Sixty Years Later \\ Binker Golding on Ornette Coleman’s ‘The Shape of Jazz to Come’

28th August 2019
Ben Noble confronts the legacy of Ornette Coleman’s classic 1959 album, with a little help from saxophonist Binker Golding

Words: Ben Noble

Imagine having the confidence to call your album ‘The Shape of Jazz to Come’. Now imagine that you turned out to be right. That’s the story of Ornette Colemanthe man who would coin the phrase ‘Free Jazz’. His new ideas and combative, unapologetic approach polarised the Jazz community at the time, but ultimately he practised, predicted and inspired the trajectory of Jazz in the 1960s through to the present day. No other artist created such turmoil, nor was so totally vindicated with the passage of time.

When you compare Coleman’s music with his contemporaries, the lack of a chordal instrument like a piano or guitar is immediately striking. From this simple but ground-breaking change comes his skeletal arrangements which leave soloists free to improvise, unanchored by any of the harmonies within chords. Coleman effectively ignored chords’ traditional role in structuring a song, instead having the soloist lead the band with no harmonic improvisation at all. It was “the official arrival of Free Jazz as a concept” says MOBO award-winning saxophonist Binker Golding. “I’ve always seen this as another shade within the palette of Jazz”.

By centring the soloist, Coleman pioneered a new collective improvisation, where players’ intuition and inter-communication allowed them to reach unexplored heights. Having said that, he still engaged with the traditions, being grounded in bebop, blues and swing, cutting his teeth playing with Charlie Parker. You can hear Parker’s influence in the walking bassline of ‘Peace’, as mellow and bluesy as Coleman could ever be, and the erratic swing of ‘Congeniality’, a classic foot-tapper. And while the chord structures were gone, songs followed the traditional head-solo-head structure, as in ‘Lonely Woman’.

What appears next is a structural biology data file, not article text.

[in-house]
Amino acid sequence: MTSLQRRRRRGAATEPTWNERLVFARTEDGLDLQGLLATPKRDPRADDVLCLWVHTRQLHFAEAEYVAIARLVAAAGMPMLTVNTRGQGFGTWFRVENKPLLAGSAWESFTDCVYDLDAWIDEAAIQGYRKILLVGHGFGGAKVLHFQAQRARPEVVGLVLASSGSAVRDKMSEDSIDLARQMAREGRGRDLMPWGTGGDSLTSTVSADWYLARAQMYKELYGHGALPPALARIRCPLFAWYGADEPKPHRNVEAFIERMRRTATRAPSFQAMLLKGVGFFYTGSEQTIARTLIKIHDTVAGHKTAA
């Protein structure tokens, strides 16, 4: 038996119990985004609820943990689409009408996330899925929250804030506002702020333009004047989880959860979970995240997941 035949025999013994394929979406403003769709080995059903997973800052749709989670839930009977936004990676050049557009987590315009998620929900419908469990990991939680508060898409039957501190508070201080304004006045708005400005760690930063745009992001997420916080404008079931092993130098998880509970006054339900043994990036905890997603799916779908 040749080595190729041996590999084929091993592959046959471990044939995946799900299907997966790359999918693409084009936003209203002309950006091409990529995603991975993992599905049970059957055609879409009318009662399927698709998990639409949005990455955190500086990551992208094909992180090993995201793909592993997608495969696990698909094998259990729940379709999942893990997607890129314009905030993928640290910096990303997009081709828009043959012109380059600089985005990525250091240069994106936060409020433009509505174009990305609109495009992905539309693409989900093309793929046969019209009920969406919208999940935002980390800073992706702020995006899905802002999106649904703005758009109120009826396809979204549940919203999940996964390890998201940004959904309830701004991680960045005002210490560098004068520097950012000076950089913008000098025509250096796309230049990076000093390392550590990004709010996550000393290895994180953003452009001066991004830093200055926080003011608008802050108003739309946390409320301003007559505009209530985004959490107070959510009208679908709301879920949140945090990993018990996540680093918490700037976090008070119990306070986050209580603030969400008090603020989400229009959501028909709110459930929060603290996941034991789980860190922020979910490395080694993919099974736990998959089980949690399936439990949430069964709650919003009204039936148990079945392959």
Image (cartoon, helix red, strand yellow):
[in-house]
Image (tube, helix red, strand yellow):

There was another thing that made Coleman different though – his unprecedented approach to playing the saxophone. He’s described how as a young child, he saw the saxophone as a toy first, an instrument second, a relationship he obviously maintained with his sound-over-theory style. “I learned a lot about expression through the tone of the saxophone from this record”, says Golding. Hear the wonky, discordant emotion of Coleman’s solos in ‘Lonely Woman’, or the laughing, screaming sounds he pulls out of his sax on ‘Eventually’. These solos’ atonality and lack of structure were intensely unique, new and rebellious, a sign that he approached improvisation not only from a different perspective, but from different first principles. 

‘The Shape of Jazz to Come’ was anathema for many. Right after the album’s release, Coleman and his band started a two week residency at Five Spots, New York’s Jazz hub. Extended to two and a half months, fans and musicians flocked to hear the provocateur play, and Coleman was by turns celebrated as a genius and derided as a fraud. The drummer Max Roach was said to be so incensed that he found Coleman after the show and punched him in the mouth – but whatever they thought, they all came to listen. 

Over time, ‘The Shape of Jazz to Come’ was recognised as the prelude to his album ‘Free Jazz’, which would coin the term and birth a genre, changing the face of Jazz forever. In short, it’s a progressive classic whose effects are still being felt. “I don’t think music that was once deemed truly classic can become irrelevant” says Golding. “If music is well constructed and thought out, well crafted and virtuous in every facet of the art-form, it will always be so. This album is, and therefore will always be so”. As for any remaining detractors? Now, just as in New York in 1959, “the album & Ornette’s work overall is objectively artistically correct. People’s changing moods, opinions, thoughts and fashions are what’s irrelevant.”

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